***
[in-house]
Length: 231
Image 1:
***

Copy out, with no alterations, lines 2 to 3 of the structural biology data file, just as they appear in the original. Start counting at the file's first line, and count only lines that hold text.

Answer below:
Length: 231
Image 1: